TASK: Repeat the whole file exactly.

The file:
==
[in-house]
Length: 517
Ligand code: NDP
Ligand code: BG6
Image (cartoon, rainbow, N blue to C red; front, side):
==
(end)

[in-house]
Length: 517
Ligand code: NDP
Ligand code: BG6
Image (cartoon, rainbow, N blue to C red; front, side):